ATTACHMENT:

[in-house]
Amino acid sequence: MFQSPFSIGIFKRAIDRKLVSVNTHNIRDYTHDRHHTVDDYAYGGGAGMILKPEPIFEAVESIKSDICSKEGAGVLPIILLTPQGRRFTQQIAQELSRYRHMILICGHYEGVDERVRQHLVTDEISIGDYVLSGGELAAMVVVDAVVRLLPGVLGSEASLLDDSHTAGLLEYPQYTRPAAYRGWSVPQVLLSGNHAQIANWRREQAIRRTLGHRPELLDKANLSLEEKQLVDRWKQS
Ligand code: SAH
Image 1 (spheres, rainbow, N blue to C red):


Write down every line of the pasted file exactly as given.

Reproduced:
[in-house]
Amino acid sequence: MFQSPFSIGIFKRAIDRKLVSVNTHNIRDYTHDRHHTVDDYAYGGGAGMILKPEPIFEAVESIKSDICSKEGAGVLPIILLTPQGRRFTQQIAQELSRYRHMILICGHYEGVDERVRQHLVTDEISIGDYVLSGGELAAMVVVDAVVRLLPGVLGSEASLLDDSHTAGLLEYPQYTRPAAYRGWSVPQVLLSGNHAQIANWRREQAIRRTLGHRPELLDKANLSLEEKQLVDRWKQS
Ligand code: SAH
Image 1 (spheres, rainbow, N blue to C red):